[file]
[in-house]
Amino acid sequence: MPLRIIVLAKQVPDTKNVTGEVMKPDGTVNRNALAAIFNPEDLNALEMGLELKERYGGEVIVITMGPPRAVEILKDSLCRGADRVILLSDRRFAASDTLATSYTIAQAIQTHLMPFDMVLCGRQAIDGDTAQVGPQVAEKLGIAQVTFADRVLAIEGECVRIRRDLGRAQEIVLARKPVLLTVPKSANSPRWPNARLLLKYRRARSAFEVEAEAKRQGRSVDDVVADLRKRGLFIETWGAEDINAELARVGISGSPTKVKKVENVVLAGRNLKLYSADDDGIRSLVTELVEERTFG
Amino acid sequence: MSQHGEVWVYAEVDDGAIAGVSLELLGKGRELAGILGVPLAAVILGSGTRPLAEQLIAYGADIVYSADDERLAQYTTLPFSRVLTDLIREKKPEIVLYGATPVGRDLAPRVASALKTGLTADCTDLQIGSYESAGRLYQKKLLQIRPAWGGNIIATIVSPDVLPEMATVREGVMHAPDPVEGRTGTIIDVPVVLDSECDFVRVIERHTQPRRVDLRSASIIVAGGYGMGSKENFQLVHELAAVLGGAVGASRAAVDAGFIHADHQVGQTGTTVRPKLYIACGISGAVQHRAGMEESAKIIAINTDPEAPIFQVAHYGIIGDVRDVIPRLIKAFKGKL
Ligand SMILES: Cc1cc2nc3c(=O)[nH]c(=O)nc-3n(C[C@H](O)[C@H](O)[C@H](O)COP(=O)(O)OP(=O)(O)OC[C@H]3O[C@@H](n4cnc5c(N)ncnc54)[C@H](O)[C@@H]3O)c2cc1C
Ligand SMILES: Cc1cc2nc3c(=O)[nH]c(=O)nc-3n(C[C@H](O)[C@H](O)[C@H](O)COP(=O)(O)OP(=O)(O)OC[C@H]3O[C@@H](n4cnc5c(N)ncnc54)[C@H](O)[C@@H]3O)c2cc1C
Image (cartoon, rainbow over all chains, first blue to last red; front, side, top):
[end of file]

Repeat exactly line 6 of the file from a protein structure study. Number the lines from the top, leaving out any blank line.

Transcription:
Image (cartoon, rainbow over all chains, first blue to last red; front, side, top):